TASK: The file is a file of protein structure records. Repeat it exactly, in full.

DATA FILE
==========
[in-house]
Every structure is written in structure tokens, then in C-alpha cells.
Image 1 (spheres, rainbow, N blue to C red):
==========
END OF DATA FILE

[in-house]
Every structure is written in structure tokens, then in C-alpha cells.
Image 1 (spheres, rainbow, N blue to C red):